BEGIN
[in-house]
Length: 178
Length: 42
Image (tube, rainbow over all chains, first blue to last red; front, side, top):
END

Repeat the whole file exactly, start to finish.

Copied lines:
[in-house]
Length: 178
Length: 42
Image (tube, rainbow over all chains, first blue to last red; front, side, top):